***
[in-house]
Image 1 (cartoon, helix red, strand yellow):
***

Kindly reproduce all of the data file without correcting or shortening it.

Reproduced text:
[in-house]
Image 1 (cartoon, helix red, strand yellow):